A RARE PRESENTATION/ASSOCIATION COPY OF CAMERA WORK, 1914, WARMLY INSCRIBED BY STIEGLITZ TO HIS PERSONAL ASSISTANT AT “291”
STIEGLITZ, Alfred. Camera Work. Number XLV. New York: Alfred Stieglitz, January 1914. Quarto, original gray stiff printed wrappers, uncut. Housed in a custom clamshell box. $9500.
First edition of Stieglitz’s Camera Work, Number XLV, an especially memorable presentation/association copy inscribed in the year of publication to his close personal assistant at his gallery 291, “To Marie Rapp in sincere appreciation of her cooperation at ‘291,’ Alfred Stieglitz, July 1—1914,” dated immediately after this delayed issue was released, followed by Stieglitz’ distinctive flourish, featuring eight tipped-in hand-pulled tissue photogravures by James Craig Annan and the first publication of Mina Loy’s Aphorisms on Futurism.
This is a very rare presentation/association copy of Alfred Stieglitz's Camera Work, inscribed by him to his personal assistant Marie Rapp, who worked for Steiglitz at his gallery 291 from 1911-17. Once described by his contemporary Ward Muir as "the greatest living photographer," Stieglitz was famed for "his tireless promotion of photography as art in his gallery 291, and in the pages of Camera Work… a quarterly journal Stieglitz published by from 1903-17, as a mouthpiece of the Photo-Secession movement and the Little Galleries at 291 Fifth Avenue. Large in scale, the magazine was chock full of both images (art and photography)… Its refined Art Nouveau designed was conceived of by Edward Steichen. Each issue included, among other plates, a hand-tipped gravure portfolio by a single cameraworker, printed on Japanese tissue… In 1930, after making sure that all the institutions he favored had complete sets, Stieglitz burned the remaining 1,000 unsold copies of Camera Work" (Roth, 40, 6).
Considered the most important publication "marking the beginning proper of modernism," every issue of Camera Work was personally supervised by Stieglitz (Parr & Badger I:64). With a publication date of January 1914, this issue, Number 45, was delayed in production for six months and "was not published until June 1914" (ELM), immediately prior to the date of Stieglitz' inscription. Featuring eight tipped-in tissue photogravues by James Craig Annan, son of the pioneering Scottish photographer Thomas Annan, and renowned photographer himself who was "highly esteemed by Stieglitz" and hailed in a 1904 issue as "one of the foremost artists in photography" (Harker, 145). This rare volume also contains the first printing of Mina Loy's Aphorisms in Futurism (13-15), along with an excerpt of a play by Gertrude Stein and numerous critical reviews. With 12 pages of advertisements at rear. See Open Book, 54. In his warm inscription to Marie Rapp, Stieglitz expresses gratitude to his longtime asisstant. Rapp was "a young voice student [who] had come to '291' in 1911 as Stieglitz's secretary and stayed there until 1917 when the gallery closed… She later married George Boursault, the son of a member of the Photo-Secession" movement founded by Stieglitz in 1902, and both she and her family were often photographed by Stieglitz (Hoffman, 269-70).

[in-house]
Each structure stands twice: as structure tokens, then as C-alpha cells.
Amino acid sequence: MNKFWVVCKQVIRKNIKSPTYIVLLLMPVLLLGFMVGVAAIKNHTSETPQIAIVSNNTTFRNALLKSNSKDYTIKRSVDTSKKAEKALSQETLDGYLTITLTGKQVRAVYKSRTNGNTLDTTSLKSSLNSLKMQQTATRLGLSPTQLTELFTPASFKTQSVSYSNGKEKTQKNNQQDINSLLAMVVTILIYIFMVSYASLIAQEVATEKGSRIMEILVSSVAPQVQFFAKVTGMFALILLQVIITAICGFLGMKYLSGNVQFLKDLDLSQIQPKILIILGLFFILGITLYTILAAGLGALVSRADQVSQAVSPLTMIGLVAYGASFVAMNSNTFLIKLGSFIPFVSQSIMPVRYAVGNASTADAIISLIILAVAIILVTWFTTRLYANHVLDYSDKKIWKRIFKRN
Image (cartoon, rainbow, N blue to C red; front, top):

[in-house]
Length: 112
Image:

Images fine and bright, light edge-wear to fragile stiff wrappers with small bit of loss to edges of panels.